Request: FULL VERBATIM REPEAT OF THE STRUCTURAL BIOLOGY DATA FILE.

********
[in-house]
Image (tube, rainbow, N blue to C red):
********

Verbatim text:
[in-house]
Image (tube, rainbow, N blue to C red):